The Armature studio, former members of Retro Studios and creators of ReCore, return with their most intimate and personal work. But, as you will see in the analysis of Where the Hearts Leads, it is not without some shortcomings and rhythm problems.
The other day, in fact, he was talking about manners in modern narratives. I don’t really know why, but I’m a great advocate for Once upon a time in Hollywood. And I say this because I have almost always needed good traditional structural mechanisms for a story to work for me. That is to say, go somewhere and encompass a clear topic. But, every time I see Tarantino’s last one, I forget all this and simply enjoy: I find the entire Hollywood environment that it recreates, the situations that take place and, above all, its suggestive characters fascinating.
I say all this as an attempt, I hope not frivolous, to say that games like Where the Hearts Leads interest me. Almost two years ago I brought here Mutazione who has a similar premise much better carried out. And yet with the new personal work of Armature Studio, the thing has not worked with me. I’ve been tempted to skip dialogue on more occasions than I can count, which is the equivalent of skipping paragraphs in a book when you realize that it isn’t convincing you, but, for some strange reason, you can’t decide to quit.
The main problem I see with Where the Hearts Leads is that it is too long and too wide. He wants to cover so much of the life of his protagonist, Whit Anderson, that he can fall into boredom. Where a Dickensian novel is capable of carrying a common thread, even if it tells you the entire life of its protagonist, here there does not seem to be a specific topic that is addressed. Yes, you could say that this game is about life, or family, but, instead of trying to expand each of the fringes of a person’s life, sometimes I think it would be better to specify a little more.
The premise is interesting. It is development that failsAnd me too, so let’s start at the beginning: Whit Anderson is a father of a family on a ranch in rural America, who one fine day, or one good night, witnesses an unusual event: a huge hole opens in his lands and, while trying to rescue his dog, he falls into it. This ends up being a mere pretext to live a series of memories of Whit throughout his life. During different scenes, we are shown the interactions with the characters that surround his life and us we can choose the course of events through a series of decisions that will drastically change history.
Yes, the premise is interesting. It is development that fails. I personally think that in too many areas. From the slow pace of the work, going through a somewhat poor narrative and lack of inspiration (it is literally said that “they all had the same problem, that they weren’t you”), with endless dialogues that sometimes don’t contribute anything; and a perspective of the situation, with a camera very far from the character and semi-translucent NPCs, which do not help at all to involve you in the situations we live in.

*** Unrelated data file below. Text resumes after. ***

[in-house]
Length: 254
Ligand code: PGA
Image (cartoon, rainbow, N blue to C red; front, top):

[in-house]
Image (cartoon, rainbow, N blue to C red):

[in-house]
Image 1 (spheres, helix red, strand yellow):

Aperture of sights
If I had to highlight a problem, it would be the lack of concentration on a specific topic. Throughout Whit’s life, we discover the problems with his parents, with his brother Sege, with his girlfriend and future wife and even with her parents. The goal is too ambitious, trying to show small and large very disparate problems around the family. This is something that, in good fiction series, and Two Meters Under Earth now comes to mind, can be treated well. But even in the Alan Ball series their feet were planted on the ground (pun intended) around a more concrete theme: death. Where the Heart Leads approaches rural American manners from an optics so open that it is not capable of transmitting specific and accurate emotions. And once this break with the player happens, it’s hard to get back on track and connect with their characters.
You can see the attempt, there is no doubt, by Armature Studio to do something different here. Both in perspective and in ambition. From being a developer founded by ex-Metroid Prime developers, who created ReCore and helped with various ports of great games, this is noticeable as a completely different work in scale and objectives. Technically, there are also problems: very neglected and full of popping scenarios that, although they are striking especially in their colors, they do not finish taking care of their animations and transitions that they use so much; and some characters that would have benefited from having voices (and bodies) to reinforce the interpretations.
But above all, I think Where the Heart Leads would have been a rounder work if I had tried to cover less. 10-12 hours of pure dialogue in a game of these characteristics is something that only visual novels that have very clear ideas and in which you connect with the plot and characters are capable of sustaining; Y I think it would have worked better to keep a smaller and more focused scale. Still, what works best is that branching of decisions that allows us to choose where Whit’s life will go. Bottom line: I guess the value of Tarantino’s latest film is appreciating the difficult art of transmitting emotions when it seems that nothing is happening.